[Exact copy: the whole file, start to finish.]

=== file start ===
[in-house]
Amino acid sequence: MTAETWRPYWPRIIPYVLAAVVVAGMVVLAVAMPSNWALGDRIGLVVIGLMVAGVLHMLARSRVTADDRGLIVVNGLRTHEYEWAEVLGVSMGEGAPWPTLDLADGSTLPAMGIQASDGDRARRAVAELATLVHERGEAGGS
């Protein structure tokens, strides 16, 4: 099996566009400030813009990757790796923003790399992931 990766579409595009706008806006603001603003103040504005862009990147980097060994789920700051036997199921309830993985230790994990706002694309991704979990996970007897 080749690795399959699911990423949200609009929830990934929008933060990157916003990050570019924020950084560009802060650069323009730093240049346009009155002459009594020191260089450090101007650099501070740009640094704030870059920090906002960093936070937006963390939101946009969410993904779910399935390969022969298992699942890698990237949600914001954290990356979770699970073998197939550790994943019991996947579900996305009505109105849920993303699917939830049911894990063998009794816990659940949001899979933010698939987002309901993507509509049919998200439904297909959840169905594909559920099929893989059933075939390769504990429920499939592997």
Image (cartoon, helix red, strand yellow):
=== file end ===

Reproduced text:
[in-house]
Amino acid sequence: MTAETWRPYWPRIIPYVLAAVVVAGMVVLAVAMPSNWALGDRIGLVVIGLMVAGVLHMLARSRVTADDRGLIVVNGLRTHEYEWAEVLGVSMGEGAPWPTLDLADGSTLPAMGIQASDGDRARRAVAELATLVHERGEAGGS
């Protein structure tokens, strides 16, 4: 099996566009400030813009990757790796923003790399992931 990766579409595009706008806006603001603003103040504005862009990147980097060994789920700051036997199921309830993985230790994990706002694309991704979990996970007897 080749690795399959699911990423949200609009929830990934929008933060990157916003990050570019924020950084560009802060650069323009730093240049346009009155002459009594020191260089450090101007650099501070740009640094704030870059920090906002960093936070937006963390939101946009969410993904779910399935390969022969298992699942890698990237949600914001954290990356979770699970073998197939550790994943019991996947579900996305009505109105849920993303699917939830049911894990063998009794816990659940949001899979933010698939987002309901993507509509049919998200439904297909959840169905594909559920099929893989059933075939390769504990429920499939592997």
Image (cartoon, helix red, strand yellow):